“Let’s have a new first party; a Republican Party raising a banner of bold colors, no pale pastels. A banner instantly recognizable as standing for values which will not be compromised.”
Think about it. Each election season, Democrats spend lots of time blurring lines—speaking of balanced budgets, religious freedoms, and of course, jobs, jobs, jobs (none of which they produce). Mouthing these terms like salesmen mouthing, “Year End Savings,” they embrace pale pastels…
…except when calling Republicans bigoted, sexist homophobes who want the earth to burn. And while it burns, we build lavish spaceships for escaping to a secret world called “Planet Rushy-Trumpy.”
(I’m told Rushy-Trumpy is solely populated by male Trump voters and incredibly lifelike female pleasure-bots, who only say “Master,” “Yes”—usually not in that order—and “NRA”)
But I digress.
Point is, Democrats want blurred lines. They like “evolving” moralities, “living” Constitutions, “open” borders, and “fluid” genders. Even in 1975, Reagan knew pale pastels put the game on Democrat turf.
On that turf, voters can only follow whoever gives them more. More what, you ask? More anything. Like more stuff paid for by other taxpayers. But that’s stealing, you say? No it isn’t, because we use majority votes! That’s mob rule and looting, you say? No it isn’t, because on this turf, we use evolving, living, open, and fluid definitions! Stealing is “Government-guided generosity.” Mobs are “Steering committees encouraging your generosity.” Looting is “Celebrating your generosity—door to door!”
And these torches we’re carrying? “Natural lighting.”
When Republicans fail to draw clear lines, Democrats entice voters with “reasonable” demands:
“More, more, more! Force businesses to pay my kid $15/hour without cutting staff or raising prices!
“Force taxpayers to spend far more in subsidies on green energy than the same amount of energy from fossil fuels—then tell me we’re creating ‘green jobs!’ This makes me happy inside!”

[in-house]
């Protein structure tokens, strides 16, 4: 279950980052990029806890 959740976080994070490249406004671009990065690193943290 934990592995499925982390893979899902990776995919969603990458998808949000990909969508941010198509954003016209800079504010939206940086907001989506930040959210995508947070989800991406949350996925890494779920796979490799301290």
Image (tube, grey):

“Force Conservatives to pay twice to keep their kids out of schools opposing Conservatism! Conservatives can afford it—they have all the money! Hollywood and Google told me so! That’s why Conservatives can afford pleasure-bots!!!”
“I like me! I don’t like them! Give me their stuff, and tell me I deserve it! Give me power over them, and call it justice! I…WANT…MORE!!!”
You like tyranny? Then sell pale pastels. But if tyranny isn’t for you, try drawing a clear line.
And which line should we draw? Well, first let’s see what lines to avoid.
1. Don’t use a person.
Many Conservatives today draw the line, “Are you for or against Trump?” Hmmmm… I’m for Trump, and I’ve called out many Never Trumpers. But drawing our line with a person causes problems.
a) First, it isn’t what President Trump wants. Though uber-confident, our President has repeatedly said it’s about us, not him.
Unlike Obama, Trump wants loyalty, not worship. There are no Greek columns with Trump; no schoolkids singing his glory, no posters proclaiming him as our “hope.” Obama wanted America fundamentally transformed in his image. Trump just wants America to, well, win.
b) When we draw lines demanding people support “Our Guy,” they resent us. Sure, we’ll rally our group. But others tire of us, as we grade everyone by whether they’re for him or against him. This can make us sound like cultists. It makes us sound weak. Frankly, we sound gullible.
c) People can fall. Hey, no one’s perfect, and everyone makes mistakes opponents can cite.
2. Don’t use an issue.
This is called “Single Issue Voting,” and I’ve heard it in so many ways:
“I draw the line with guns. Any limits with my freedoms, and I’m out!”
“I draw the line with abortion.”
“I draw the line with immigration and the Wall.”
“I draw the line with repealing Obamacare.”
Now understand, I mention these issues because they’re critical for me. But when I make one issue the dividing line, I virtually guarantee my defeat. Why? Because I’m employing a strategy that only works if no one else does it.